French Wine Guide
Just like Italy and limoncello, Russia and vodka, or Ireland and Guinness – France and wine are intrinsically linked. The country has a winemaking tradition that goes back thousands of years, and to many, French wine is considered the best in the world.
“Thanks to a style of wines which we define as Old World Wines with New World Attitude, we have developed the Luxe Rural philosophy: great affordable wines with roots and character.”
The different winemaking regions of France are known as viticultural areas (viticulture is the study of grapes), and each one has its own specific qualities, unique climates, and grape specialisms.
Here is our guide to the different French winemaking regions:
French Wine Regions
There are many diverse winemaking regions in France, each with their own nuances and quirks. Most French winemaking locations have their own district blends and techniques, making exploring wines from each one a unique experience.
Located on the border of France and Germany, Alsace produces primarily white wines, most famously a dry, rather than sweet, Riesling.
Riesling, along with Pinot Gris, Muscat and Gewurztraminer are the most commonly grown grapes in the region. A key quality associated with wine from Alsace is floral, aromatic notes, along with a generally more acidic taste. Wine producers in this region traditionally don’t use oak barrels to age the wine, and instead balance the flavour with a reduced alcohol content.
One of the most famous and highly-regarded of the French wine regions, Bordeaux is the birthplace of some of the finest and most expensive wines on the market. The main grapes grown in Bordeaux are Cabernet Sauvignon, Merlot, Cabernet Franc, Malbec, Sauvignon Blanc and Semillon.
Wine from Bordeaux is often pricey, which is attributed to its global popularity, long shelf life, and the cost of the land on which the grapes are grown. Some vineyards in this location can command prices that stretch into the millions of pounds per hectare, making the limited number of bottles produced in these areas go up in value.
Part of the reason Bordeaux has gained worldwide notoriety is due to its proximity to the sea. In the past, this optimum location made it easier for Bordeaux to become a major exporter of wine, spreading the word of its superior tipples throughout the globe.
Home of 70,400 acres of vineyards, Burgundy produces some of the finest wines in the country.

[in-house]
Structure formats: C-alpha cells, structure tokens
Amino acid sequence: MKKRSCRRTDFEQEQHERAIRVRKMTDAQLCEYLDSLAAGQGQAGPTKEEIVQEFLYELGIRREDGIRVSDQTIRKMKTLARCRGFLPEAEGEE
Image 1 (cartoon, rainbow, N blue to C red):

Sometimes referred to by its French translation, Bourgogne, Burgundy is split into five major zones: Chablis, Côte de Nuits, Côte de Beaune, Côte Chalonnaise and Mâconnais. The most notable of these areas is Chablis, a northern location with soil that’s rich in limestone, which retains heat from the sun to give wines produced in this microclimate a distinctive crispness.
Over 4,000 wineries reside in Loire Valley, an idyllic location that produces excellent quality wines. Loire Valley is vast, and due to its size, is separated into several microclimates: Lower Loire, Middle Loire, and Upper Loire.
The most common red grapes grown throughout the region are Malbec, Pinot Noir, Cabernet Sauvignon, and Pineau d’Aunis – a grape indigenous to the valley. The white grapes grown here include Chenin Blanc, Sauvignon Blanc, Chardonnay, and Arbois, another grape found only in the Loire Valley region.
Full of breathtaking scenery, Loire Valley is a haven of wine creation, with a sumptuous range of reds, whites and high-quality sparkling produced here each year.
Found just south of Burgundy, Beaujolais is one of the smallest winemaking regions in the country, producing a limited number of bottles each harvest.
99% of the wine made in Beaujolais is created from one type of grape, Gamay, as well as a small amount of Chardonnay. This area has another quirk, as the winemaking technique that’s predominantly used here: carbonic maceration, isn’t often found elsewhere. This process involves depriving grapes of oxygen so they ferment from the inside, which changes the flavour composition of the wine they produce.
Home of perhaps the most famous sparkling wine in the world, Champagne is located northeast of Paris, and contains over 84,000 acres of vineyards.
The name Champagne is a protected term, meaning only bottles of Champagne made in this region can legally be given the name – imitations are often given vague monikers, like ‘sparkling celebration wine.’
This region produces a wealth of white and red grapes, including fine Chardonnay and Pinot Noir. Most bottles of Champagne contain a blend of red and white grapes, with some modern or unconventional Champagnes opting for a white grape-only blend. ‘Brut’ is a common term associated with Champagne, and denotes the level of sweetness within the wine.
Jura is one of the smallest regions in all of France, and produces a range of wines, most famously Vin Jaune, a wine made using Savagnin – a grape native to the region. Similar to Sherry or Port, Vin Jaune is generally the most expensive wine export from the Jura region.
Jura endures colder winters and more rainfall than the neighbouring Burgundy region – part of the reason that wines from this area are stored in oak barrels for longer.
Found in southern France across the Mediterranean coastline, Languedoc-Roussillon is one of the hottest and driest areas of the country. With over 300 days of sunshine each year on average, this location is home to a diverse range of red and white grapes, which has led to the creation of many blended wines in the region.
The Languedoc-Roussillon region is also home to several prominent grape types, including Merlot, Cabernet Sauvignon, Chardonnay, Sauvignon Blanc, Grenache and Syrah.